Outcome Assessment (Health Care)
Population

Cite this

Krishnasivam, Deepan ; Trentino, Kevin M. ; Burrows, Sally ; Farmer, Shannon L. ; Picardo, Sherman ; Leahy, Michael F. ; Halder, Abir ; Chamberlain, Jenny ; Swain, Stuart ; Muthucumarana, Kalindu ; Waterer, Grant. / Anemia in hospitalized patients : an overlooked risk in medical care. In: Transfusion. 2018 ; Vol. 58, No. 11. pp. 2522-2528.
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title = "Anemia in hospitalized patients: an overlooked risk in medical care",
abstract = "BACKGROUND: This study investigated the association between nadir anemia and mortality and length of stay (LOS) in a general population of hospitalized patients. STUDY DESIGN AND METHODS: A retrospective cohort study of tertiary hospital admissions in Western Australia between July 2010 and June 2015. Outcome measures were in-hospital mortality and LOS. RESULTS: Of 80,765 inpatients, 45,675 (56.55{\%}) had anemia during admission. Mild and moderate/severe anemia were independently associated with increased in-hospital mortality (odds ratio [OR] 1.5, 95{\%} confidence interval [CI] 1.36-1.86, p = 0.001; OR 2.77, 95{\%} CI 2.32-3.30, p < 0.001, respectively). Anemia was also associated with increased LOS, demonstrating a larger effect in emergency (mild anemia—incident rate ratio [IRR] 1.52, 95{\%} CI 1.48-1.56, p < 0.001; moderate/severe anemia—IRR 2.18, 95{\%} CI 2.11-2.26, p < 0.001) compared to elective admissions (mild anemia—IRR 1.30, 95{\%} CI 1.21-1.41, p < 0.001; moderate/severe anemia—IRR 1.69, 95{\%} CI 1.55-1.83, p < 0.001). LOS was longer in patients who developed anemia during admission compared to those who had anemia on admission (IRR 1.13, 95{\%} CI 1.10-1.17, p < 0.001). Red cell transfusion was independently associated with 2.23 times higher odds of in-hospital mortality (95{\%} CI 1.89-2.64, p < 0.001) and 1.31 times longer LOS (95{\%} CI 1.25-1.37, p < 0.001). CONCLUSION: More than one-third of patients not anemic on admission developed anemia during admission. Even mild anemia is independently associated with increased mortality and LOS; however, transfusion to treat anemia is an independent and additive risk factor.",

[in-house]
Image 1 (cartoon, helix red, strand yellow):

author = "Deepan Krishnasivam and Trentino, {Kevin M.} and Sally Burrows and Farmer, {Shannon L.} and Sherman Picardo and Leahy, {Michael F.} and Abir Halder and Jenny Chamberlain and Stuart Swain and Kalindu Muthucumarana and Grant Waterer",